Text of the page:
Niall Cunningham

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pp. 62-88

Throughout the development of modern Ireland religion has played a central role in the persistence of complex communal identities.1 Notwithstanding what has been considered to be the substantive resolution of “the Troubles” in Northern Ireland, religious identity has...

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PART 2. Broadening Technology: Applying GIS to New Sources and Disciplines

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pp. 89-91

The previous three chapters take what might be termed “traditional GIS data” and apply them to historical research. By “traditional GIS data” we mean that they are based on quantitative attribute data that can be well represented spatially using points, lines, or polygons...

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4. Applying Historical GIS beyond the Academy: Four Use Cases for the Great Britain HGIS

Humphrey R . Southall

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pp. 92-117

Many historical GIS projects are the work of individual scholars, carried out in their own research time without external funding. Most of the projects that do receive external funding are relatively small scale, employing a single research assistant to work alongside the...

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5. The Politics of Territory in Song Dynasty China, 960–1276 CE

Elijah Meeks and Ruth Mostern

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pp. 118-142

State power is inherently and fundamentally geographical. The existence of states is marked by whether or not they hold sway over some territory on the earth’s surface, and their persistence depends upon how the machinery of dominion is spatially distributed...

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6. Mapping the City in Film

Julia Hallam and Les Roberts

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pp. 143-171

In this chapter we examine how geospatial computing tools such as GIS can contribute to an understanding of the development of local film culture and its contribution to projections of “place,” drawing on archival research into Liverpool and Merseyside on film. We...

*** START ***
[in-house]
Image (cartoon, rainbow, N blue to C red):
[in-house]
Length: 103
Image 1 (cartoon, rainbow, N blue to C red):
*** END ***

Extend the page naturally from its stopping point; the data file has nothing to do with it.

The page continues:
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7. Conclusions: From Historical GIS to Spatial Humanities: Challenges and Opportunities

Ian N. Gregory and Alistair Geddes

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pp. 172-185

The essays in this volume illustrate the diversity of topics within and beyond history that can be conducted using historical GIS (HGIS) and the fields of spatial history, humanities GIS, and spatial humanities that are emerging from it. The topics discussed cover rural...

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8. Further Reading: From Historical GIS to Spatial Humanities: An Evolving Literature

Ian N. Gregory

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pp. 186-202

As was stated in the introduction, the use of GIS to study the past has evolved rapidly over the last decade or so, and we now stand at a position where the field is becoming both deeper and broader. As the field develops, so too does the literature, which has become...

Contributors

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pp. 203-206

Index

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pp. 207-212


E-ISBN-13: 9780253011909
E-ISBN-10: 0253011906
Print-ISBN-13: 9780253011800

Page Count: 234
Illustrations: 46 b&w illus; 4 tables
Publication Year: 2014

Series Title: The Spatial Humanities